AMBER-ii Force Field

AMBER-ii is an extension of AMBER03 one of the most successful force fields for simulating proteins. The idea is keeping as far as possible AMBER03 parameters for protein to expand it to other classes of substances and to correct known problems.


It is known that AMBER and OPLS parametrizations describe well low-molecular alkanes, but are not suitable for work with high-molecular alkanes. Consequently, AMBER is little suited to lipid modeling. Later, a series of lipid parametrizations compatible with AMBER was developed. AMBER-ii is one such parameterization. It well describes both the conformational and thermodynamic properties of alkanes, regardless of their length. In addition, this parametrization is compatible with parametrization for perfluoroalkanes.


The main problem perfluoroalkanes force fields is their compatibility with the force fields for alkanes. It is experimentally known that liquid perfluoroalkanes are poorly mixed with conventional oils. This property, weakly interact with both water and oils, is widely used to create non-stick coatings (Teflon). However, this property is difficult to reproduce in simulations. AMBER-ii reproduces this with good accuracy.

If accurate alkane force fields are important for modeling natural lipids, then perfluoroalkane force fields open the possibility of modeling artificial fluoride-containing lipids. Artificial fluorinated lipids provide interesting possibilities for creating self-assembling spatial structures. For example, if natural lipids form bilayers, the addition of fluorinated agents can result in the formation of a trilayer.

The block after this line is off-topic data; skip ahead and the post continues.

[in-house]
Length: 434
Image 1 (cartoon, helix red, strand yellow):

Heavy elements

AMBER parameterizations use the Lorentzāˆ’Berthelot combining rules. This works great for elements of the second period. Parametrization of the third period elements is not so good. Nevertheless, for sulfur and phosphorus, AMBER provides acceptable parameters. Transition to the elements of the fourth and subsequent periods is hardly possible on the basis of the Lorentzāˆ’Berthelot rules. The error in the dispersion interactions can reach two times.

Several variants of the rules that solve this problem are suggested, however, they give the worst results for hydrogen. Since hydrogen is universally present in organic substances, the idea of transition to these rules is unattractive. In AMBER-ii, hydrogen is considered as a special element. Interactions with it are described by the Lorentz-Berdelot rules. For all other elements, the Waldman-Hagler rules are adopted. This choice preserves the majority of AMBER parameters for proteins. Only sulfur has to be re-parametrized. Which was done in OPLS style, using experimental data on density and heat of evaporation of liquids. The resultant force field yields for the interactions in proteins results almost indistinguishable from the original AMBER03.

Metal ions

In this case, AMBER-ii departs from the original parameterization. First of all, it should be noted that AMBER does not have its own ion parametrization. Parametrization was borrowed from the force field of other authors. This parametrization was developed for the description of ions in liquid water. This state is characterized by high coordination numbers. In proteins low coordination numbers are usual for metals. As a result, the interaction of ions, especially multiply charged ones, is poorly modeled.

Following the arguments of the Leontiev and Stuchebryukhov in AMBER-ii the scheme with decreasing integer charges on the ions is accepted. This approach makes it possible to develop parametrizations for both single-charged and multicharged ions in simple algorithmic manner. The resulting force field yields acceptable results both in the free energy of hydration of ions in water and in coordination numbers in proteins.

It was demonstrated that with the resulting parametrization protein folding can be achieved, both for alpha and beta proteins.






Software for